What does the Pentagon study tell us about how we can accommodate gays in the military?
The data suggest that a one-size-fits-all approach is not wise. We can open many units to gays quickly but we need to be careful not to require 100% of units to welcome gays quickly.
We shouldn’t be pessimistic, however, about changes in familiarity and generational attitudes. Rather than wait passively for familiarity and generational changes to influence behavior, we can improve the underlying problem with advances in privacy infrastructure and thereby lead to genuine change in familiarity and generational attitudes.
Infrastructure changes need to be done correctly, however (volume 1, p. 135 and volume 2, p. 102):
The need to address the housing and showering arrangements was also the most frequently raised implementation issue in this sample of comments.
“I recommend not trying to make segregated facilities. You’d end up with straight men’s heads, gay men’s heads, bisexual men’s heads, plus the female counterparts. My sub doesn’t have room for 6 different types of bunkrooms and heads.”
A better approach is to do what has been implemented at universities over the past few decades: giving everyone more privacy, with widespread availability of single rooms, separate shower stalls and so forth. Much infrastructure of this type has already been added in the military to accommodate women, who are now welcome in 80% of units (volume 1, p. 28). Adding such infrastructure will be practical in some situations and less practical in others, providing another argument against the one-size-fits-all approach to DADT reform.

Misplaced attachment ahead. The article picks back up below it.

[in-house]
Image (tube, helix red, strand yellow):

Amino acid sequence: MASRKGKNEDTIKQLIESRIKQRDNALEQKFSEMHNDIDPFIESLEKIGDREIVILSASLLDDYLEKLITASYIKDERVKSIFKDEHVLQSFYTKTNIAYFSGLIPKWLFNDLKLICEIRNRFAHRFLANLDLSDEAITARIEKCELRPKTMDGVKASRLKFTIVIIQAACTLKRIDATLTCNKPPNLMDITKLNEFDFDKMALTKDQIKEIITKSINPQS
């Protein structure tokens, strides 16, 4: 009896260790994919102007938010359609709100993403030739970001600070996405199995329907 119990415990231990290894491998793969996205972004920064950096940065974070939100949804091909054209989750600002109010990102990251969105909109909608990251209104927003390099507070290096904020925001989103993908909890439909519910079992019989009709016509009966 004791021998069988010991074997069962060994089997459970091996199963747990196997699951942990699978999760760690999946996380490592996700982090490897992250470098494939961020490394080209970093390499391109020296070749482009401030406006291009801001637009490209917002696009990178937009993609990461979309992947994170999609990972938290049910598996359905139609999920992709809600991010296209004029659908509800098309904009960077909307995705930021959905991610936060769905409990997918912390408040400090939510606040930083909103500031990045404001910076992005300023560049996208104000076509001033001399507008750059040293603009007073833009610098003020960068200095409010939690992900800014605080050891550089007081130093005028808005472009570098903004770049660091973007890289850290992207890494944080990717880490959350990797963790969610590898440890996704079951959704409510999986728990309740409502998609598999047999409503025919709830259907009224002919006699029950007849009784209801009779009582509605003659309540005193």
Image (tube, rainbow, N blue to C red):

We don’t need to choose between 0% or 100% of units being open to gays. Indeed, both extreme positions are demonstrably silly since there is no good reason to bar gay lawyers from the military and there are clear problems with opening submarines and some Marine units to gays, given current infrastructure.
Congress should give the Pentagon the authority to open up units to gays based on the Pentagon’s assessment of their infrastructure for sexual privacy. Using appropriate infrastructure changes we can continue to move forward, as we have for women in the military, to push openness closer and closer to 100%.
Jumping right to 100% of units welcoming gays is not the best strategy. It would be particularly tragic if such a push for 100% created a deadlock that left us stuck at 0%.
Posted: 1 Dec 2010
Photos: defense.gov, by U.S. Navy Petty Officer 1st Class Chad J. McNeeley